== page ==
The People for the Ethical Treatment of Animals has filed allegations of animal abuse against one of Hollywood's leading animal training and handling firms.
According to The Hollywood Reporter, PETA filed a complaint December 28 with the U.S. Department of Agriculture alleging neglect and mistreatment by Birds & Animals Unlimited (BAU), which has rented out animals to hundreds of productions, from "The Hangover," "Marley and Me," "Pirates of the Caribbean," and the Harry Potter movies to the TV show "Game of Thrones." According to PETA, an eyewitness who worked at BAU documented "chronic neglect, including sick and injured animals who went without adequate veterinary care, filthy enclosures, and animals who were denied food so that they would be hungry when being trained to do tricks."
"Dogs, including one who BAU staff said was used in the movie Hotel for Dogs, were kept outside and denied bedding, even when temperatures dropped into the low 40s. Those who staff claimed were used in The Solutrean and CBS' Zoo were housed alone in kennels on hard concrete floors.
Snoop, a geriatric, ailing dog believed to have been used in the film Marmaduke, was frequently left outside overnight in temperatures below 50 degrees. After testing positive for heartworm and months of refusing to eat, vomiting, losing weight, and bleeding from his paws (apparently from his nails), he lost control of his bowel movements and was finally euthanized.
An owl named Crash, who BAU staff claimed was used in the Harry Potter movies, was kept in a feces-strewn enclosure that went uncleaned for at least six weeks. He and other birds of prey lived in inadequate, small enclosures and were deprived of both sensory stimulation and socialization.
Penguins who BAU employees said were used in Batman Returns were denied fresh drinking water. Their only source of water was a chlorinated pool.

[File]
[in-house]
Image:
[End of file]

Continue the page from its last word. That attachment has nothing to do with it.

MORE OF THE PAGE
Animals were sometimes denied food during training. Gus and Nibbs, two cats who BAU staff said were being used in the upcoming film Benji, were virtually starved for several days because a trainer said they were "fat," and they lost 5 percent of their body weight in five days."
BAU responded to the allegations in an eight-page statement to The Hollywood Reporter, questioning the alleged whistleblower's reliability, and calling PETA's exposé "misleading" and "selective in what it shows - and what it omits - in an effort to serve PETA's ends."
THR asked Bob Ferber, a retired L.A. City Attorney's Office prosecutor who founded its Animal Protection Unit, to review both PETA's allegations and BAU's response. Here's his take: "This may or may not eventually rise to the level of a criminal case, but it's still shocking. They are keeping animals the way a local, poor, underfunded shelter would do it. These facilities are pathetic-looking for a private facility making money off of these animals. I almost never agree with PETA — they do sometimes take an isolated situation and make it out as more than it really is — but the entertainment industry should be surprised by what's going on here."
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